Sunday, April 24, 2011

back to letters

and while it wasn't the most holiday appropriate film choice, we watched letters from iwo jima today.  and wept. a lot. the sadness is practically insurmountable if you really take into account not only the moments from that time, that week, even the day of the attack, and examine both sides.  but also, if you look at it from just the human perspective.  the way each side, each man, felt at the end of each day, apart from their homes and families, their loves and lives.  the way each hand held a pen one moment, writing letters home, then next moment holding a different kind of pin.  and so it comes back to letters today.  the way they, in this instance, have provided us with a way into the hearts of minds of so many that nothing else could have ever done.  no retelling, no recollection could have ever come close to capturing.

the lesson this day for me:  never lose sight of the worth of words, fully spelled and written in long-hand (or even typed might do).  never hold them too close, nor let them stray too far.  stars and compass needles. words are always a way back to who we were, who we want to be, who we want to be near.

Wednesday, April 13, 2011

what rhymes with war?

last fall, while my mr. was overseas, i began working on a project (both for myself and for my last graduate school component: teaching a seminar) that dug into women and their poetic perspectives on war, specific to contemporary conflicts (last 20 years or so). i was surprised by how few women's perspectives i found. more than a little surprised really. more like disheartened. however,during my search i came across four books that affected me more than i can say:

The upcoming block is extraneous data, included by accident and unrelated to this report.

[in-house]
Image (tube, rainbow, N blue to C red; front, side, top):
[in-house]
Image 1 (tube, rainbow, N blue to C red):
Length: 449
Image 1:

Stateside by Jehanne Dubrow
Clamor by Elyse Fenton
Get Some by Sonja Yelich
Ruin by Roberta Lowing

these poetry collections are, how can i aptly describe them, powerful, moving, brilliant and at moments terrifying. what is most apparent is the way they process the journey: of being overseas, of remaining on the shore in wait, and of living through the conflicts in an incredible way. and while i don't necessarily recommend immersing yourself in a project like this if your loved ones are currently involved in one of the on-going conflicts (bad idea), i do recommend all of these as phenomenal.

read my Santa Fe Writer's Project review of Stateside here. 

Sunday, April 10, 2011

would we still write letters? send them in the post?

"Within seven weeks of the President's death, Jacqueline Kennedy received more than 800,000 condolence letters. Two years later, the volume of correspondence would exceed 1.5 million letters. For the next forty-six years, the letters would remain essentially untouched".

deeply affected by this, i started to think. if faced with a similar horrific event, how would our nation react? reading an article about this text the point was raised: given this age of technology would americans write? would they walk their tears and distress to the mailbox, or would social media prevail? would the nation tweet, text, facebook their grief? and if so, what does that say for us? for the future of writing? for the future of the human connection? what does that say about how we live? not to be morose, but if we don't have time for letters, cards, postcards, handwritten moments shared with those we care about, what do we have time for?